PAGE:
|[The number of patients seen with acute clinical jaundice in Windhoek district by week, from September 2017 to 8 January 2018 (n = 237)]|
Although infections with Hepatitis A, B and C are common in Namibia, Hepatitis E is rarely diagnosed in the country. As a result, the country has limited capacity for hepatitis E laboratory diagnosis. Additionally, the majority of hepatitis E cases have been reported from informal settlements within the capital district, Windhoek, where living conditions are poor. These areas are overcrowded, have limited access to safe drinking water, sanitation and hygiene.
Moreover, the holiday season will likely increase the movement of people within the country. All of these could be major contributing factors to this outbreak.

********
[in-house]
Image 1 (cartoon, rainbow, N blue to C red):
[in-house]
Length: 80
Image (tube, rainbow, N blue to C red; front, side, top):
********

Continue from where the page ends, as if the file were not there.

Additionally, during the rainy season, people often use rainwater or other surface water for drinking and domestic uses. This likely increases the risk of hepatitis E infection. Therefore, the above-mentioned factors might lead to the propagation of the cases from this area to other informal settlements and its distribution to other towns or districts, with similar poor environmental health conditions. Thus, the overall risk is assessed as high at the national level and low at regional and global levels.